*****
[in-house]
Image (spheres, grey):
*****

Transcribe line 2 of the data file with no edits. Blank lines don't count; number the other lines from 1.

Image (spheres, grey):